SACOG pilot program takes advantage of unused infill spaces to lower carbon emissions — and battle the housing crisis
By Casey Rafter
Lawmakers in California are making steady efforts to tweak the culture of fossil fuel consumption and increase awareness of climate impacts caused by greenhouse gas emissions. In fits and starts, change is underway, including plans to end the sale of new gas-powered vehicles across the state by 2035.
Those ideals are being put into action locally through a Sacramento Area Council of Governments pilot program called Green Means Go. The program identifies central parts of cities called “Green Zones” in the six-county Sacramento region and then makes efforts to increase infill housing where services already exist for residents, along with improving access to alternative modes of transportation and reducing commute times.
Less vehicle commuting means less greenhouse gas emissions. As part of this program, SACOG helps match state funding to transit-oriented development. Yet, champions of the program are also hoping it serves as an encouraging force around affordable housing in Northern California.
Green Means Go is one of SACOG’s strategies to help the Sacramento region meet its climate targets. In 2018, the California Air Resources Board set a new 19 percent emissions reduction target by 2035 for the region; if funding and policy don’t accommodate this goal, then CARB will reduce the target to 18 percent.
Currently, SACOG has $3 million in state funding to award to city applicants through the program. The funds, part of “Category A: Early Activation,” are meant to improve infrastructure of services like water, sewage, electricity and, in some cases, broadband internet. These improvements will help facilitate new infill development. The funds can also be used for planning. (Overall, Green Means Go will require hundreds of millions in funding across jurisdictions.)
Out of 28 local jurisdictions in SACOG, 23 have already adopted Green Zones. Some are along the main lines of Sacramento Regional Transit’s light rail system. Others are in Elk Grove, Folsom, Roseville and Auburn, along with a large patch in Yuba City, among many other locations.
SACOG Executive Director James Corless says his organization began working with city and county governments three years ago to determine what kinds of infill housing could be built and how many units might be created in these Green Zones.
“We’re trying to isolate and understand the additional infrastructure upgrades necessary to build housing that’s walkable, where you don’t have to drive as much or at all,” Corless notes.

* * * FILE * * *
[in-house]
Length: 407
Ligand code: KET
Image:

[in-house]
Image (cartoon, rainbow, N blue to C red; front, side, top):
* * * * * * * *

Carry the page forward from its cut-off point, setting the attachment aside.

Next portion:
Support for affordable housing
While there aren’t requirements built into Green Means Go to ensure any number of units of infill housing are reserved for regulated affordable housing, SACOG encourages the vendors building those units to consider this need.
Corless says that if infill units are offered as affordable housing, their proximity to resources in these established areas would help to cut down the cost of driving farther to work or school, which would provide a larger economic benefit to those households.
“It’s really up to the cities and the counties,” Corless says, regarding whether they implement affordable housing requirements for their Green Zones. “We’re underproducing, as far as ‘big A’ affordable housing in general in the region, so we need a lot more of it.”
Calling Green Means Go a homegrown project, Corless says the design of the program is to take state mandates around housing or reducing carbon emissions and create actionable points that, so far, have received support at the city and county level. He adds that local officials “see [the program] as providing shelter and affordable transportation and economic development. The state sees it as meeting our housing goals and our climate goals. We’re the agency that has to translate those state goals into the local wants.”
West Sacramento City Manager Aaron Laurel, who has 17-years of experience in housing and economic development, says that development of infill housing comes with fewer challenges than greenfield housing built in suburban areas.